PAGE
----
How to Write for the Internet
Traditional Print Versus Online Writing
For a writer accustomed to to a traditional print format, creating an online writing project requires a shift in perspective. Although both forms share the commonality of words, they are appearing in an entirely different context and a diverse range of elements must be considered for web writing. Audience expectation demands a succinctness in form and content and websites which fail to grab in the first few seconds will be quickly bypassed for a more accessible site
Competition for attention on the web is considerable – there is always a new webpage to turn to in a virtual world of infinite possibilities and the internet viewer is not as captive an audience as a print-based reader may be. In the latter case there is often a financial as well as an emotional investment – print readers will have gone to some trouble to physically buy or borrow a book, magazine or newspaper and are therefore more likely to persevere, even if the text is not immediately engaging.
Comunicating on the net is a whole different ballgame to print writing. this handy guide will help yu avoid the pitfalls and pck up some useful tips for web writing
Since for the web, we do have to be immediately engaging, the first things to consider, even before content, are as follows:
A web viewer confronted by a cascade of uninterrupted text may evince a similar reaction to a print reader a being given a book the size of Volume One of Encyclopedia Brittanica and told to 'read this'.
Whether or not this is due to an obsession with entertainment, an increase in short attention span, the sensory variety and immediacy of the net having promoted a sense of hyper-impatience -or simply the physical discomfort of reading from a screen, the hit/read/move-on nature of the medium has led to an expectation and demand for short accessible blocks of text rather than lengthy expositions.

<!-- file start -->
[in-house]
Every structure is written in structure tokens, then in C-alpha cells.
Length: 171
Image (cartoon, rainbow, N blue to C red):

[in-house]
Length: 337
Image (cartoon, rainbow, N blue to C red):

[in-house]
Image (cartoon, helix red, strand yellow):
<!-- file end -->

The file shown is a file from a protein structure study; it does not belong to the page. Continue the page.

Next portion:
A plethora of usability studies has revealed web users don't so much read as scan text, and what they do read is accessed by selecting key words and features. For this reason headers, highlighting, colours and even typography play a significant role in the success or failure of an online project. It seems where web publication is concerned scannable content consistently outperforms content based on the traditional print method.
Hypertext may be used to dissemble information through links, breaking up content into usable parts. In this way a website may contain even more information than a printed article while allowing users to decide what they wish to access or discard. However the linked information works best when not presented as a long linear flow of pages but rather self-contained chunks that focus on a particular topic.
The Inverted Pyramid
Many seasoned web writers recommend an inverted pyramid style for organising information, a method commonly used in print journalism to hook readers into a story. For example, such a story may begin with a climax or conclusion rather than a beginning – An earthquake has rocked San Francisco, killing 300 people and then go on to describe, in inverse order, the details and background of the event. This allows readers to access the important information first and then choose whether or not to read on. According to Dr. Jacob Neilson, [described by the New York Times as 'the guru of web usability']:
On the Web, the inverted pyramid becomes even more important since we know from several user studies that users don't scroll,so they will very frequently be left to read only the top part of an article. Very interested readers will scroll, and these few motivated souls will reach the foundation of the pyramid and get the full story in all its gory detail.
Neilson, Audience Analysis